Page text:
Cal. Medical Malpractice Caps Don’t Hold Down Doctors’ Premiums, According to Cal. Doctor

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Doctors Want No-Fault System for No Accountability

Santa Monica, CA. — A Beverly Hills physician exposed the failure of a California law that caps innocent malpractice victims’ recovery in a New York Times opinion-editorial published today, according to the non-profit, non-partisan Foundation for Taxpayer and Consumer Rights (FTCR). The Bush administration is pushing to enact caps modeled after California’s at the federal level. In the piece, Beverly Hills plastic surgeon Lloyd M. Krieger notes that his medical malpractice insurance premiums continue to rise, despite his never having been sued for malpractice, belying the argument that California’s caps on pain and suffering awards reduce premiums. Krieger calls for national legal restrictions on injured patients as “a start” but wants to go even further by getting away from “rewarding victims” and moving toward a no-fault system of malpractice with peer review of doctors in lieu of legal accountability.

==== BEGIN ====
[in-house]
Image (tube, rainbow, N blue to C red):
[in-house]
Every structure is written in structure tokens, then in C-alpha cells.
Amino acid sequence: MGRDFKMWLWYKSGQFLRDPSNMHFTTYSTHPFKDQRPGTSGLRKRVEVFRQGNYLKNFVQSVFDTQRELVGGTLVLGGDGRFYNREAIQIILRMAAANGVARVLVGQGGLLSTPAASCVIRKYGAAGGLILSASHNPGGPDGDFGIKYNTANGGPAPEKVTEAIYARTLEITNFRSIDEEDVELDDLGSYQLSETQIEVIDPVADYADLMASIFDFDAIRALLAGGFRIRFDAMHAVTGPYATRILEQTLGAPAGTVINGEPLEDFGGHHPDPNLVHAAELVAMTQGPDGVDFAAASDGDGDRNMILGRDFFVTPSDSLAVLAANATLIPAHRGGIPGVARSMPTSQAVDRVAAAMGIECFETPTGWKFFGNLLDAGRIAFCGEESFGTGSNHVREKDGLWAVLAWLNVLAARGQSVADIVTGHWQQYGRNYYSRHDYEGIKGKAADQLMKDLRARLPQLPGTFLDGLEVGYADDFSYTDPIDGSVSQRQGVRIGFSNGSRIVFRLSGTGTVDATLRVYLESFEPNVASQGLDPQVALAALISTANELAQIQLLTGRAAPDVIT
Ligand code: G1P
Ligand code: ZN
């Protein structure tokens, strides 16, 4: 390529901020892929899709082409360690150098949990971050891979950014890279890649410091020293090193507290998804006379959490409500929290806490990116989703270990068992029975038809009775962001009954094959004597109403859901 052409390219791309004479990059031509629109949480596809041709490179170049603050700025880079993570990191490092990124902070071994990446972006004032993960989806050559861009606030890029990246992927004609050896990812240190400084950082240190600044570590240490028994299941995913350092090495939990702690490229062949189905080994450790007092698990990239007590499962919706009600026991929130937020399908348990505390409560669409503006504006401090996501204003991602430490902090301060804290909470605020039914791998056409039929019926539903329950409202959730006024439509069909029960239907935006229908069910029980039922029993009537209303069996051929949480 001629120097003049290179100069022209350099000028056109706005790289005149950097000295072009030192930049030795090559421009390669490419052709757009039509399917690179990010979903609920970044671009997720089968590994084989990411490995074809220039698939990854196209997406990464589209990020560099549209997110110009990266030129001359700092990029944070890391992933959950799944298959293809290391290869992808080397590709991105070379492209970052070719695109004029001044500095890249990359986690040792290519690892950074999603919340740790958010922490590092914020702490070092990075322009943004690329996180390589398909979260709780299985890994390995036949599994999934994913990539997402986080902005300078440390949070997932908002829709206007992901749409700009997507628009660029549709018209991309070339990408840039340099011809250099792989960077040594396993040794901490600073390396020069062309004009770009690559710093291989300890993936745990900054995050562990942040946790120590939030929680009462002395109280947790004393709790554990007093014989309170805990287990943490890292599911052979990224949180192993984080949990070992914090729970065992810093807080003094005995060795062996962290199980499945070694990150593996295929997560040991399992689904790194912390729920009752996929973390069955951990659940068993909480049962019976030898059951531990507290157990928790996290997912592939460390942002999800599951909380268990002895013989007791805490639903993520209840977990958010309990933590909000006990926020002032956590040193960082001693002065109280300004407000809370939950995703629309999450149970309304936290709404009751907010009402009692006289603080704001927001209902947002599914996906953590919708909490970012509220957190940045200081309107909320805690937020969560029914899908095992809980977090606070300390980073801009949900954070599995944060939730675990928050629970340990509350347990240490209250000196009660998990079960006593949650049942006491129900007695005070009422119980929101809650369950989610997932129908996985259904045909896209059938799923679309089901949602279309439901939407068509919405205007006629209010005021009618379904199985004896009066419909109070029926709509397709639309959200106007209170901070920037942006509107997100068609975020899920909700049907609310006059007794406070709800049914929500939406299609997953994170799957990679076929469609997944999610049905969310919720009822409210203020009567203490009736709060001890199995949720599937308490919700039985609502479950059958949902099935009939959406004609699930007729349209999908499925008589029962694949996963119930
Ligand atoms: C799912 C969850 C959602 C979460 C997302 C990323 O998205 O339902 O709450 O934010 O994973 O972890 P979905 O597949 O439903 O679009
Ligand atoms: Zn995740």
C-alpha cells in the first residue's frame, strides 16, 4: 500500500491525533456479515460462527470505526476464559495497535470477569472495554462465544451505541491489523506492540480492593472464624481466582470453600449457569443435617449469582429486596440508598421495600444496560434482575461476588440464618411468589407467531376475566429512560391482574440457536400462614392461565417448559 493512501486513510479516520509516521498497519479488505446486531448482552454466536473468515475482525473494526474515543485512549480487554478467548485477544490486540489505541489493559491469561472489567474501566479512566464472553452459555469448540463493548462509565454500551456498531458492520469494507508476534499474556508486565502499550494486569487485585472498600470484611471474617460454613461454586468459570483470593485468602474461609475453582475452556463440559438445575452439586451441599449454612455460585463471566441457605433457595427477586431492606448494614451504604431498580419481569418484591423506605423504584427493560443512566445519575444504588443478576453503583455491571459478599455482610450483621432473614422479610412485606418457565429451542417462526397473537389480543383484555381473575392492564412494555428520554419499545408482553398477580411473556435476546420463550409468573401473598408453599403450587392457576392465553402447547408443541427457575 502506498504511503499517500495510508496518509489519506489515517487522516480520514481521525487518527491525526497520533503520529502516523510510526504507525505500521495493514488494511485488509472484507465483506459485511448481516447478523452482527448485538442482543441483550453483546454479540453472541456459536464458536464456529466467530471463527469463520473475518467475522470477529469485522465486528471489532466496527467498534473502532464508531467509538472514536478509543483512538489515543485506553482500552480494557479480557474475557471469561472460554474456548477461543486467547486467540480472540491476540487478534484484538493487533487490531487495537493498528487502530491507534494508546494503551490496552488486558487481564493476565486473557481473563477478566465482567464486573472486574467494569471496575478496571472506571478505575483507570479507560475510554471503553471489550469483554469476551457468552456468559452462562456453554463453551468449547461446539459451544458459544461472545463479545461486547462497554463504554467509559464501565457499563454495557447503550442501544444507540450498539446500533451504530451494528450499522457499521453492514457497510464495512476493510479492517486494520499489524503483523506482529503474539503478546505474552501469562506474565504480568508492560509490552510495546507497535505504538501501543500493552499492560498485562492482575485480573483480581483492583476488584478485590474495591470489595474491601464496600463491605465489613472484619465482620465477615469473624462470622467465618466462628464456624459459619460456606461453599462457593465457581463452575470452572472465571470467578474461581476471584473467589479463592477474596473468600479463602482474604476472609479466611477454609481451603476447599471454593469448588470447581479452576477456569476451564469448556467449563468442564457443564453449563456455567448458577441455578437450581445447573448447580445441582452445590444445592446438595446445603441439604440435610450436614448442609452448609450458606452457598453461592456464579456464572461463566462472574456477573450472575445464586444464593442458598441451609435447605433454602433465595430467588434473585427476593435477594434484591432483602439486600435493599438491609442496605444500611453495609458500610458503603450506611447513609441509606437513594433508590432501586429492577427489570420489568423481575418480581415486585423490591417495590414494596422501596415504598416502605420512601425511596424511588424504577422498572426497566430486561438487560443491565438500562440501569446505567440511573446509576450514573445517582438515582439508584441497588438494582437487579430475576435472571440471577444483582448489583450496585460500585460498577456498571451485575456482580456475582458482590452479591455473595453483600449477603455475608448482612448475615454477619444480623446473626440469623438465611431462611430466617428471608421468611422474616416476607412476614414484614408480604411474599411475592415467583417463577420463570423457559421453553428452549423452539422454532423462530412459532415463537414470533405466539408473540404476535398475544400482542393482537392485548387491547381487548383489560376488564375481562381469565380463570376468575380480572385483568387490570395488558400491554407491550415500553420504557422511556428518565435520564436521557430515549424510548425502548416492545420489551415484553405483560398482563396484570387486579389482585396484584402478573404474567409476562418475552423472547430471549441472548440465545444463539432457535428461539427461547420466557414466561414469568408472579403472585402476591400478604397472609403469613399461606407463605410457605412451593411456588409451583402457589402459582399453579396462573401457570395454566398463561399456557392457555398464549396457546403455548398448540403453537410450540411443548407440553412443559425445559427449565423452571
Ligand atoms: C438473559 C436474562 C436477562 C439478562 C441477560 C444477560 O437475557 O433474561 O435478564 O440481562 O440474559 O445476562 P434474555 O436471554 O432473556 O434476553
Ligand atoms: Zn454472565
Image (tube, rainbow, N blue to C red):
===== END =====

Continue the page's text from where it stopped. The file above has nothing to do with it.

“Punishing victims for insurers’ price-gouging is a slippery slope that will lead, if the insurance companies have their way, to a no-fault medical malpractice system,” said FTCR consumer advocate Carmen Balber. “Self-regulation through a peer review system and no justice for victims will mean no accountability for doctors at all.”

The model for the Bush administration’s proposal is the California Medical Injury Compensation Reform Act (MICRA) passed in 1976. However, studies have shown that MICRA did not reduce insurance premiums for doctors. Premiums did not drop until after the passage of Proposition 103 by California voters in 1988, which allowed for stronger regulation of the insurance industry.

“Krieger’s argument is further proof that it is greedy insurance companies and bad doctoring, not compensation for injured patients, that are at the root of skyrocketing malpractice premiums,” said Balber. “Federal caps will serve to deny justice to malpractice victims and leave hospitals unaccountable, while doing nothing to address the rising premiums that are at the root of physician complaints.”

Consumer Watchdog
Consumer Watchdog
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